This species is frequently confused with the related Aloe ferox and Aloe africana species, to the south, and they do look very similar when fully grown. However the flowers are different, with the racemes of Aloe excelsa being far shorter and slightly curved.

The Zimbabwe aloe is named for the large number of specimens found growing around the ruins of Great Zimbabwe, where it has attracted much attention for its size and shape.

It is found over a relatively small area of south-central Africa from the Magato mountains in Limpopo province of South Africa at its southern limit, northwards along the southern side of the central watershed of Zimbabwe and extending into hilly locations on the south side of the Zambezi river in Mozambique, with two outlying populations forming its northern limits around Mulanje mountain in Malawi and in the Kafue Gorge just across the Zambezi river in Zambia. [2]

Within this range, it favours localities with good drainage and moderately stable soils, such as rocky, wooded hillsides. It is restricted by too much heat in the dry season to the north and cold winds in the winter season to the south. It tolerates light frost during its resting (and flowering) season which occurs occasionally at its favoured altitudes of 800–1600 metres. [3]

It has attracted the attention of gardeners and parks planners for its imposing appearance and tolerance for a wide range of conditions. In its natural habitat, it thrives best when given plenty of water during its growing season but requires a sharp dry period with cooler conditions when the impressive flowers appear.


Aloaceae Literature

Rowley, G D (2013) Generic concepts in the Alooideae Part 3 - The phylogenetic story.
Alsterworthia International 13(2) 24-26 publication dated July 2013

Daru, B H, Manning, J C, Boatwright, J S, Maurin, O, Maclean, N, Schaefer, H, Kuzmina, M & van der Bank, M (2013) Molecular and morphological analysis of subfamily Alooideae (Asphodelaceae) and the inclusion of Chortolirion in Aloe. Taxon 62 62-76.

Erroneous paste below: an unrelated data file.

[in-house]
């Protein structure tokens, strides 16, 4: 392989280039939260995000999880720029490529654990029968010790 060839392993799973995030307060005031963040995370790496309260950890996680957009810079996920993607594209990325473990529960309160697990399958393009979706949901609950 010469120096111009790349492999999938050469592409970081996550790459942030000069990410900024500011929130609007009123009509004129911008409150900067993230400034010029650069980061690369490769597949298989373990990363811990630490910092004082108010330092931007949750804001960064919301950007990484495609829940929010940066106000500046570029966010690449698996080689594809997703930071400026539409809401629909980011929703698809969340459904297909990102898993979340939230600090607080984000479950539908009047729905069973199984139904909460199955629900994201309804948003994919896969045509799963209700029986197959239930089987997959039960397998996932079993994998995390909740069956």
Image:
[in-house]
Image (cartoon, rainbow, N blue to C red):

Aloes: The Definitive Guide by S. Carter, L. E. Newton, J. J. Lavranos, C. C. Walker
Hardback ISBN-13: 9781842464397 Pub. Date: August 2011

Aloes in Southern Africa by Gideon Smith & Braam van Wyk
Paperback ISBN-13: 9781770074620 Pub. Date: 09/01/2008

The Aloes of South Africa by G.W. Reynolds (1982) 4th Edition
Publisher: A.A. Balkema, Cape Town, South Africa. ISBN: 0-86961-128-3
- out of print classic but often available second-hand.

South African Aloes by B. Jeppe (1977) 2nd Edition.
Publisher: Purnell, Cape Town, South Africa. ISBN: 360-00018-5
- out of print, many species illustrated with colour drawings.

Gasterias of South Africa: A New Revision of a Major Succulent Group by E.J. van Jaarsveld (1994)
Publisher: Fernwood Press (Pty) Ltd., Vlaeberg, South Africa. ISBN: 1-874950-01-6
- a beautifully illustrated classic, often available second-hand

Haworthia and Astroloba: A Collector's Guide by John Pilbeam (1983)
Publisher: B.T. Batsford Ltd., London. United Kingdom. ISBN: 0-7134-0534-1
- out of print classic but often available second-hand.

Illustrated Handbook of Succulent Plants: Monocotyledons Edited by Urs Eggli (2001)
Publisher: Springer-Verlag New York. ISBN: 3540416927
Volume relevant to Aloes from a series of comprehensive taxonomic treatments of succulent plants.


Watch the video: My Aloe Collection 1 Aloe Series